If you haven’t been following the latest Legion testing – which, at the end of the day, is just a series of iterative updates to the experience that we’ve been dealing with all along – then the big news this week in the World of Warcraft community was the shutdown of the Nostalrius server. Yes, it was another vanilla-only private server, yes, it was player-supported, and yes, it got shut down before it ever went to court. And thus we’re knee-deep in another back-and-forth argument about whether or not people want official vanilla servers.
If I have the air of someone who is a wee bit tired of this particular discussion, that’s because I am. It’s something that has been debated on and off for a long while, ironically dating back to just after The Burning Crusade released, and it’s always taken the form of “these illegal servers are popular, so make one legal!” But there’s no real way to ignore it, and it deserves a bit of discussion here.
On copyright, trademark, and not being stupid
Let’s be clear here: Every single private server in existence is a massive copyright violation, and the only reason that these things have not been shut down is either that the company in question doesn’t know about it or because said company is willing to turn a blind eye to the project. Blizzard’s pulling the lawyers on this one was entirely correct to do so.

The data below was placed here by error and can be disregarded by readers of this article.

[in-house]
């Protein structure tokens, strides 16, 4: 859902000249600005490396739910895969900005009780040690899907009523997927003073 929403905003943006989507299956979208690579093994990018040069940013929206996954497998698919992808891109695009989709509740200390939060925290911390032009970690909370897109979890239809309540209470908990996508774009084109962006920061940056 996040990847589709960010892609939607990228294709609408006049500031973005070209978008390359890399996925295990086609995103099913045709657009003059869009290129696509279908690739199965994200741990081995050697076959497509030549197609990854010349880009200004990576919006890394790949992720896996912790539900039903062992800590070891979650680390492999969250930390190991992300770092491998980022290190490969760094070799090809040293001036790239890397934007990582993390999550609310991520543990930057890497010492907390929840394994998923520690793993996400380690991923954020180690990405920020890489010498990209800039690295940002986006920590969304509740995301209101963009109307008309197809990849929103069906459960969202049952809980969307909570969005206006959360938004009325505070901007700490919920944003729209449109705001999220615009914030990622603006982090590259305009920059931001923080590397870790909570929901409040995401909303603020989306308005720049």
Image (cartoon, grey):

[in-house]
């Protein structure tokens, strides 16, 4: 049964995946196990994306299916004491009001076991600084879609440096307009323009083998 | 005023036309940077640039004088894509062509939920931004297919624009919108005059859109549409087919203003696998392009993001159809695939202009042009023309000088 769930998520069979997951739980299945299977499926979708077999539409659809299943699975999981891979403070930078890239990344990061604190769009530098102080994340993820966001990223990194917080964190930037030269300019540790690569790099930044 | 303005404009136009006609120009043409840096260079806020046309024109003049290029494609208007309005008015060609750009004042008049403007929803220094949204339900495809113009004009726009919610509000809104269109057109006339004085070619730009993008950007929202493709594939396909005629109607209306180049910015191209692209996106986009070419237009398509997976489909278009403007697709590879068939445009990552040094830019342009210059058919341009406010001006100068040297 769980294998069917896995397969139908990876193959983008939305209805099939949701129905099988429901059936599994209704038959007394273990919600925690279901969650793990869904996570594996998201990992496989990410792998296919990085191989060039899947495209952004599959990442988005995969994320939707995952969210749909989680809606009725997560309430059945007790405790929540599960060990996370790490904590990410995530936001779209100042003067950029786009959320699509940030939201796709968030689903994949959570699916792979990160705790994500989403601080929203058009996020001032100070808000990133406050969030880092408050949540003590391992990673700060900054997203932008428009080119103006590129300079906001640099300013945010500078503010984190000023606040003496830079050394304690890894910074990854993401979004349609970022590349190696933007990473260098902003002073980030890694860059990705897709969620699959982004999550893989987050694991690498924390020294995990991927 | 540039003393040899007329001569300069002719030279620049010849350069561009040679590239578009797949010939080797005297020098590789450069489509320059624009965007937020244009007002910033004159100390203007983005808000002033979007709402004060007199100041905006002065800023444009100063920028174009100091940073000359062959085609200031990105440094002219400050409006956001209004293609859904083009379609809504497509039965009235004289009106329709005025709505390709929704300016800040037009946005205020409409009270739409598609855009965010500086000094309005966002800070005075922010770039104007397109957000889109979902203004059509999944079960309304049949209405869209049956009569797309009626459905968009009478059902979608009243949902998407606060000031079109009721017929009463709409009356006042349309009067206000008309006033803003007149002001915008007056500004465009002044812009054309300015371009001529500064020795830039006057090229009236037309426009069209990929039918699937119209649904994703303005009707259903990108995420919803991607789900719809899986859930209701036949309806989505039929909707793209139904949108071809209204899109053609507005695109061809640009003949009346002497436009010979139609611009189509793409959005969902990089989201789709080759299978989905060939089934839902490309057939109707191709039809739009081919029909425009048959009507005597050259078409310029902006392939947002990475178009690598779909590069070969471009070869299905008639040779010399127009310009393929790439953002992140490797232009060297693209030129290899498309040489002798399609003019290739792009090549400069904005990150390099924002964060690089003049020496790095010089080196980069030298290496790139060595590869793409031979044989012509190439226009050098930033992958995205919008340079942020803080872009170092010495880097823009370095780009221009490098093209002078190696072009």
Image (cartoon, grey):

There always seems to be a lot of confusion as to where the line gets drawn, so let’s make something clear: A copyright violation is using anything that Blizzard has published as official World of Warcraft material without the explicit agreement and licensing of the copyright holder. That includes characters, stories, plots, art assets, and so forth. Fair use is a provision allowing people to do things for educational or contextual purposes, such as parodies and news sites. I can use a picture of Garrosh Hellscream on this article and add a caption, which falls under the header of fair use specifically because I’m talking about WoW and using it as an example. Fair use is also a defense rather than a blanket expression of safety, a tacit admission that something is a copyright violation but used in a positive manner.
For those of you looking to read more about it, I highly recommend the TF Wiki article on copyright, which is far more cleanly and comprehensibly written than you might expect for a fan-run wiki about a bunch of transforming robots. Then again, if I can link to that wiki, I will.
How much money Nostalrius did or didn’t make off of the server has literally no bearing on anything; what matters is that the server was making extensive use of works copyrighted by Blizzard. The graphics, quests, music, textures, characters, and plotlines are all under copyright, obviously. One could even argue that it starts to infringe upon trademark, which is a whole other ball of wax. Either Blizzard didn’t know about it before or didn’t feel the need to act before, but it was always a time bomb. There’s no debate to be had here. The works in question were all being used in the original context without any alteration, and that means it was always a ticking time bomb.
Does this prove people want a vanilla server?
No, I don’t care, and it’s not a productive discussion.
Nostalrius proves that a lot of people will flock to a free server promising a vanilla experience that involves not giving any money to the people involved in making the original game. Making larger statements about whether or not that proves the demand is there relies on making a lot of assumptions that I’m not comfortable with, starting with the assumption that everyone who played on that private server would happily shift over to paying money every month to Activision for the same service.